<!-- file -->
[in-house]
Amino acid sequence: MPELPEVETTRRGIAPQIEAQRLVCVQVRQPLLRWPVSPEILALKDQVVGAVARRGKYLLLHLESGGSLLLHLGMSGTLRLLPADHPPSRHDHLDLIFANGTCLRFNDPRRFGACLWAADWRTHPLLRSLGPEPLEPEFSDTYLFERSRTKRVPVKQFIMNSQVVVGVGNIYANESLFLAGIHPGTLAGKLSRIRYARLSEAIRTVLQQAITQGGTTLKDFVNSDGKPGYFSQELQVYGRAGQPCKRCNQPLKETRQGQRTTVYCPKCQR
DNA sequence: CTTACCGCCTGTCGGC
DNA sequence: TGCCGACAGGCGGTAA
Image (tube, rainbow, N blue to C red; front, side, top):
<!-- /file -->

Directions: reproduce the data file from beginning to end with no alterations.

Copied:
[in-house]
Amino acid sequence: MPELPEVETTRRGIAPQIEAQRLVCVQVRQPLLRWPVSPEILALKDQVVGAVARRGKYLLLHLESGGSLLLHLGMSGTLRLLPADHPPSRHDHLDLIFANGTCLRFNDPRRFGACLWAADWRTHPLLRSLGPEPLEPEFSDTYLFERSRTKRVPVKQFIMNSQVVVGVGNIYANESLFLAGIHPGTLAGKLSRIRYARLSEAIRTVLQQAITQGGTTLKDFVNSDGKPGYFSQELQVYGRAGQPCKRCNQPLKETRQGQRTTVYCPKCQR
DNA sequence: CTTACCGCCTGTCGGC
DNA sequence: TGCCGACAGGCGGTAA
Image (tube, rainbow, N blue to C red; front, side, top):